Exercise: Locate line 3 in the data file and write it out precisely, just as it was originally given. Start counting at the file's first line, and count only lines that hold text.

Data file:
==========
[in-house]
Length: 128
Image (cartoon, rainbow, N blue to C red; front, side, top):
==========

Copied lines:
Image (cartoon, rainbow, N blue to C red; front, side, top):